It remains an open secret: that I am a critic – perhaps too harsh a critic – of our educational system. The truth, however, is that while we admit the scarcity of resources and the fact that rebuilding the educational system after years of decline cannot simply be a quick-fix.  We are determined to address deficiencies in qualified instructors and inadequacies in facilities and instructional materials. We intend to achieve this through consistency in effort, holding all stakeholders including parents, students, teachers and administrators accountable, as well as increase resources and support to the educational sector.

We are also continuing the expansion of youth empowerment programs especially through technical vocational education and training by which we continue to change the challenging statistics of youth unemployability. In this regard, we are strengthening the linkage between concessions and technical and vocational training centers so that we train our people for available jobs.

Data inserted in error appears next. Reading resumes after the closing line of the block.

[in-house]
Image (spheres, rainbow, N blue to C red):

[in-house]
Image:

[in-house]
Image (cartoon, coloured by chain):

Notwithstanding the setback of Ebola which saw the departure of contractors, technicians and stoppage of concession operations, I am pleased with the progress in our infrastructure development. Our programs for road, power, ports and water and sanitation improvements are now restarted. These programs are the backbone for expanding the economy and improving the lives of our people. They are therefore critical to achieving our goal of social transformation through inclusive growth.